Campaigning dad of Bickley heart attack victim calls for compulsory testing
THE sudden death of talented Bexleyheath schoolboy Philip Lamin has brought back painful memories for one campaigning Bickley family.
Sixteen-year-old Philip suffered a heart attack while playing football with his friends after school last Tuesday afternoon. (Feb 5)
And the dad of Ravens Wood school pupil Ben Daniels who died of an undetected heart problem almost two years ago believes the UK should follow Italy’s lead and make cardiac testing compulsory for youngsters who play sport.
Talented sportsman Ben 15, collapsed after suffering a cardiac arrest while training with his Shortlands football team Ex Blues in March 2011, and died three days later in hospital.
In Ben’s memory his family teamed up with charity Cardiac Risk in the Young (CRY) to launch the Ben Daniels Memorial Fund which has raised more than £60,000 to help try to reduce the number of similar tragedies.
Twelve a week
CRY estimates at least 12 apparently fit and healthy young people die of undiagnosed heart conditions in the UK each week.
His dad Paul, 51, told News Shopper: “I think young sportsmen and women should be tested for their cardiac health before they play organised sport. If they can do it in Italy, why can’t we do it here?
“And if we can do it at the elite level why can’t we do it at grass roots level where the real problem lies?”
Screening costs £35 per person and is a painless non-invasive five minute process and where small stickers known as electrodes are placed on the client's chest that are connected by wires to an ECG machine.
Launched in March last year, Ben’s memorial fund has helped pay for CRY’s research into detecting heart conditions and screening sessions at the Old Elthamians Sports Club in Chislehurst and Ravens Wood School, Bromley.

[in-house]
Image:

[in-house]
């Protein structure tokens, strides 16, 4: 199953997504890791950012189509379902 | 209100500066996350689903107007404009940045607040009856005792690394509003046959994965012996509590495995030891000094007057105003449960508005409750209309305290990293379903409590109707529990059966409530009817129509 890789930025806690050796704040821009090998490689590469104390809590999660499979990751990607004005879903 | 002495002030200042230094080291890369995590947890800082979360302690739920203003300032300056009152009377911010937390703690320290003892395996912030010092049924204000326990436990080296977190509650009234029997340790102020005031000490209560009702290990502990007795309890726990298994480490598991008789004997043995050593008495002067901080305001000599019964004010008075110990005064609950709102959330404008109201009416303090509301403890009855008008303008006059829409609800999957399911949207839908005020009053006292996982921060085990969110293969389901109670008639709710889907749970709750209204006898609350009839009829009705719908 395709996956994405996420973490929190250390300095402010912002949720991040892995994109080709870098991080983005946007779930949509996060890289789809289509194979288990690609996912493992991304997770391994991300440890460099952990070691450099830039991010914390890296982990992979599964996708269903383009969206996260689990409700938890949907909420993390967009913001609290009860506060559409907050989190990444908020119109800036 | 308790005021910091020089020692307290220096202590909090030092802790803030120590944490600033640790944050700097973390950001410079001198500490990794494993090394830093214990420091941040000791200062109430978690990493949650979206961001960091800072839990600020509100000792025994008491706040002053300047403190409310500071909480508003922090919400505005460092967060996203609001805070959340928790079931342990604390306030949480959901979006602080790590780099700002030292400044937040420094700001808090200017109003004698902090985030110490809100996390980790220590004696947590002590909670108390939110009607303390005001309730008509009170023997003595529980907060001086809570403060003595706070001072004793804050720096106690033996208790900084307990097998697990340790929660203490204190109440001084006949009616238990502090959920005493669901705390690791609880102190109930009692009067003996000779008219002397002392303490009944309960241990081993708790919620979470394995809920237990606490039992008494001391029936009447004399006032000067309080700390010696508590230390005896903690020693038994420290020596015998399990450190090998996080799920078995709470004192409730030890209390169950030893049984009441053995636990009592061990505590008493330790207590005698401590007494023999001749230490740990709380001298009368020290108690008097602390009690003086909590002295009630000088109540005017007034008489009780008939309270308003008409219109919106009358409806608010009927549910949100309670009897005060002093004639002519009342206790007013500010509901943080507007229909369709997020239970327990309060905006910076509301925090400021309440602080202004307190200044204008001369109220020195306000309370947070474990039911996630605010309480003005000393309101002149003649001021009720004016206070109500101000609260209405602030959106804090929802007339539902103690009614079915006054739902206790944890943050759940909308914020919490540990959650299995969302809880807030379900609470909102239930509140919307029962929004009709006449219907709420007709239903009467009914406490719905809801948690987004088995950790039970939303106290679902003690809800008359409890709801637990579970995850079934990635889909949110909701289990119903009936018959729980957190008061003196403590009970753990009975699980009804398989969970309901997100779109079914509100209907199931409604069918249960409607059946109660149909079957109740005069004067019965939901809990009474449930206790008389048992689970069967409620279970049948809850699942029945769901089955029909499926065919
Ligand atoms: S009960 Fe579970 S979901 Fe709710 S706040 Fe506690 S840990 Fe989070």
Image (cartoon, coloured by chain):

The screenings tested a total of 235 youngsters and eight were discovered to have a heart abnormality and referred to CRY for further examination.
On reading news of Philip’s death, Paul, of Clarence Road, Bickley said: “I want to offer my absolute sincere condolences to Philip’s family, they’re going through hell, it’s awful.
“There are 11 other families in the UK a week who are going through the same thing.
“I don’t know the circumstances of what happened but my heart goes out to the family, it really does.
“You ask yourself why has this happened and when you get to understand CRY and what they do and campaigning for to understand the depth and breadth of the problem in the UK.
“Philip, I am sure is exactly the same as Ben – fit, healthy, without a care in the world. But they become one of the statistics.”
Ben’s family have arrange for three more screening sessions at Old Elthamians Sports Club and Ravens Wood School later this year.
CRY say more than 10,000 young people, aged 14 to 35, have died suddenly from undiagnosed heart condition since the organisation was founded in 1995.
Dr Steve Cox, director of screening at the charity, said 80 per cent of these deaths happened without any prior symptoms.
He said: “Although screening will not identify all young people at risk, in Italy, they have reduced the incidence of young sudden cardiac death by 90 per cent.
“This is because sport - whilst it does not actually cause sudden cardiac death - can significantly increase a young person’s risk if they have an underlying condition.”